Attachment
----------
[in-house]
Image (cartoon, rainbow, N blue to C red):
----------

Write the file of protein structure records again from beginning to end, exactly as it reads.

[in-house]
Image (cartoon, rainbow, N blue to C red):